Tapestry, from 90.3 WBHM




June 2010...



Ave Maria Grotto

About 45 minutes north of Birmingham, just outside Cullman, is St. Bernard Abbey. The monastery was founded in 1891, by Benedictine monks from Germany. One of the monastery's earliest residents, Brother Joseph Zoettl, devoted his time to creating miniatures of St. Peter's Basilica, Old Jerusalem, and the Statue of Liberty, among many other well-known landmarks. Brother Joseph's handiwork remains on display at St. Bernard, in a place known as the Ave Maria Grotto. WBHM's Bradley George recently paid a visit.

Ave Maria Grotto...



Cara Clark (left)

Some experiences change you. They just do. For Birmingham journalist Cara Clark it was being embedded with U.S. troops in Afghanistan last year. The former editor of the Over the Mountain Journal found a renewed sense of self, but then came home to Birmingham to discover she'd lost the job she'd held for 17 years. She tells WBHM's Tanya Ott it's all prompted a lot of soul searching.

Cara Clark interview...




Hellhound On HIs Trail cover

Martin Luther King's assassin was an escaped con who had been on the lam for almost a year before their fateful rendezvous in Memphis. James Earl Ray was a career criminal who spent his life in and out of jail. So, where did he get the money to buy a car and travel? And why was he obsessed with Martin Luther King? These are some of the questions journalist Hampton Sides seeks to answer in his new book Hellhound On His Trail. I asked Hampton Sides why James Earl Ray spent so much of 1968, the year of King's assassination, in Birmingham.

Hampton Sides interview...

Hampton Sides is the author of Hellhound on His Trail: The Stalking of Martin Luther King, Jr. and the International Hunt for His Assassin.




Lauren-Taylor Bachofer

Across Alabama, recent high school graduates are getting ready to enter a new phase of life. They may be getting jobs, packing up to go college or, in the case of Lauren-Taylor Bachofer, slinging a guitar over their shoulder and heading to Nashville. Bachofer started playing music as a 10th grader at Vestavia Hills High School. She's played live concerts - if you can call them that - at some pretty unconventional venues here in Birmingham: Starbucks, Moe's Southwest Grill, the farmer's market. But now she's hoping to hit the big time in Music City U.S.A. This is her tune The List. (AUDIO MONTAGE)




Three to See logo

Three events going on around town you shouldn't miss...




Girlyman: (left to right) Doris Muramatsu, Ty Greenstein, and Nate Borofsky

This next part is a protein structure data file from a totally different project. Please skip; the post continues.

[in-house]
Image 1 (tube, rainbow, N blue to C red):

Imagine a modern-day Peter, Paul & Mary, only edgier...and with a quirky sense of humor, and you get the band Girlyman. Their songs are described as leading edge three-part harmony folk-pop. One review summed up their music in just seven words, "Really good, really unexpected, and really different." Girlyman played a show in Birmingham in January, and they're back in town this month. As Ty Greenstein (center of photo) tells WBHM's Michael Krall, the seeds for Girlyman were planted when her second grade teacher sat her next to future bandmate Doris Muramatsu...

Interview with Ty Greenstein of Girlyman...

Girlyman plays June 17th at Aldridge Botanical Gardens.




Foodimentary logo

You might know John Bryan Hopkins as the Foodimentary Guy. The Birmingham resident blogs and tweets about food. And his postings are so popular that he was recently nominated for what's billed as the Oscars of Twitter. Hopkins has more than 150,000 followers on Twitter. To compare, chef Emeril Lagasse has 41,000 followers and the entire Food Network - 128,000. So he's kinda big stuff in the culinary twittershere. But as Hopkins tells WBHM's Tanya Ott, it all began rather humbly.

John Bryan Hopkins interview...

Everyone eats, but not everyone "tweets" as much as the Foodimentary guy. John Bryan Hopkins talks about his approach to Twitter and other social networking sites...

More | Extended interview with John Bryan Hopkins




Almost, Maine

What's the opposite of summer in Alabama? How about winter in northern Maine? This is the setting of John Cariani's play Almost, Maine. It's a series of vignettes about love, and falling in and out of it. Ellise Mayor directs the play for Birmingham Festival Theatre. She tells WBHM's Bradley George that a small New England town in the dead of winter is an ideal place to explore the themes of love.

Interview with Ellise Mayor...

Almost, Maine is at Birmingham Festival Theatre from June 10-26.



Tapestry is produced by Bradley George and Michael Krall. We had help this month from Collin Kurre, Tanya Ott, and Andrew Yeager. We always welcome you feedback. If you have questions, comments, or story ideas, send them to tapestry@wbhm.org . You can also reach us through Facebook and Twitter. I'm Greg Bass, enjoy June, and we'll see you next month.